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Face recognition technology: The California legislature wants to ban them in police cameras



The program falsely identified 26 lawmakers as criminals, the ACLU said.

The ACLU announced the results of its test as it pushed for the passing of a law banning technology for police cameras.

"This experiment reinforces" the fact that face recognition software is not ready for primetime – let alone for use in body cameras worn by law enforcement agencies, "said Assembly Member Phil Ting, whose photograph is a counterpart to a prime minister In the Declaration of the ACLU.

Facial recognition systems have gained popularity in recent years and are used at airports, schools, at home and even at concerts.The technology can also help a bartender find out who is next People are identified by videos and photos, and their facial features compared to those in a database.

However, the ACLU is concerned because the technology is biased and inaccurate, especially among women and people of color

Together with the ACLU, Ting AB 1

215, also b Recognized as The Body Camera Accountability Act, co-sponsored. The bill prohibits the use of face recognition and any biometric monitoring system in body cameras worn by the police. There are currently no cities in California with this technology in their police cameras, Ting said at a news conference on Tuesday.

"I saw innocent Californians exposed to constant police rendition for mismatches," Ting said. "We can not permit that."

More than half of the misaligned legislators were colored according to ACLU. Last year, the organization conducted a similar test that wrongly identified 28 members of Congress. In these results, they found that the program was more inaccurate with women and people of color.
  The legislations, which were provided with a false flag. One refused to have his picture published.

"Face-recognizable police body cameras would be a disaster for communities and their civil rights, regardless of the accuracy of the technology," he told Matt Cagle, lawyer for technology and civil liberties, ACLU in Northern California ,

"Even if this technology were accurate, which is not the case, face-tracking cameras would be a source of massive damage to California's civil rights."

Others say that technology is a "necessary tool"

Some law enforcement agencies disagree, claiming that the bill would compromise officials' ability. During a hearing of the Senate Public Security Committee in June, the Riverside Sheriffs & # 39; Association said the technology would help attract events that attract a large crowd like the Coachella Music and Arts Festival and the Rose Bowl to provide the best available security.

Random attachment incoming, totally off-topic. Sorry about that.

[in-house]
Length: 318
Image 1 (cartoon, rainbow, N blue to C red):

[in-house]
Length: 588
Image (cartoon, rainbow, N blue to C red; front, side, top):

"By banning this technology, California will tell the nation and the world that it does not want our law enforcement officers to have the necessary tools to adequately protect the public and participants in these events," the association statement said the sheriffs.

John Beverly Hills Mayor John Mirisch reiterates these feelings in a letter he wrote to Ting in June expressing his opposition. He said the technology will help manage events that attract high-profile entertainers such as The Golden Globes.

"This technology allows law enforcement agencies to compare images of hundreds of thousands of people, saving time and agency resources." Writes Mirisch.

Other States Have Prohibited It

If passed, California will be the largest state banning face recognition technologies in body cameras worn by the police. New Hampshire and Oregon both passed laws in 2017 to ban the practice.
This year, San Francisco, for a long time one of the world's most technically-friendly and tech-savvy cities, and Oakland, California, banned the use of technology by police and other government agencies.
  Beyond San Francisco, more cities refuse face recognition

Axon, the police make Los Angeles police Angeles also announced this year that facial recognition systems will not be added to these devices.

AB 1215 was first introduced in February and approved by the California Assembly in May. According to ACLU to be voted on in the coming weeks in the California Senate.

CORRECTION: An earlier version of this story has misclassified the timetable for approval of the bill. The article has been updated to state that the Bill was approved by the California Assembly in May.

Rachel Metz of CNN contributed to this report.


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